The catchment area for Fort William includes crofters and farmers from as far afield as Barra and Skye.  In the programme I recognised various addresses from townships on Skye and lots of exciting Highland names I couldn't place.  The buyers and 'spectator' around the ring increased in number gradually as we watched the lots following ours go through.

After a brief look round the glittering shops of Fort William with Daughter investigating the different ones to those in Oban (we are talking clothes and clutter here) we headed up to the Corran Ferry again, and started our journey home. Stopped in for coffee with friends on the other side, which was lovely and continued upon our way.

It did feel like we were going a long way to sell something we could sell more easily in Oban. But as we drove we counted the timing and realised that it took us 15 minutes longer overall to get to the Fort William market as it takes to get to Oban market, but had we not missed the first Corran ferry (by one vehicle in front of us) we would have got there in the same time.  That is good as far as animal welfare goes, keeping journey times to a minimum is important, but it was also good for us humans as we had a stunningly beautiful drive and Fort William makes a good change.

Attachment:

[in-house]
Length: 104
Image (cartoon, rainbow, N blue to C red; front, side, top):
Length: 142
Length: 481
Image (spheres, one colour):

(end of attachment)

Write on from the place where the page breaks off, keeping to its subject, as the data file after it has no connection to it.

Thursday, 25 September 2014

More sunshine than showers in September

Earlier in the week Farmer came tearing into the house to get me to bring my camera to photograph something quite special. For the full story click here. It was a really exciting start to the week. 

Down below the house there are the ewe lambs, 93 of them at the last count. This time last week there were 43 cast ewes too, but yesterday they went to market in Oban.  On Friday 60 wedder (male, castrated) lambs, in another field altogether until tomorrow night, will go to Fort William, for we are going to go and see how we get on there. 

This beautiful lily is one we inherited from the previous owner of Treshnish. We have always called it 'Lady Jean's nerine'! There are only 3 flowers this autumn, the others have been suffocated by the ever flourishing comfrey.

Some plants are flowering for the second time, others still developing. The blue heads of the Devils bit scabious are beginning to turn now, some have been almost peeled by the flocks of small birds that seem to flit from patch to patch of seed heads.  We walked the dogs yesterday afternoon and heard them before we could see them but neither Farmer nor I had binoculars and without them couldn't identify them.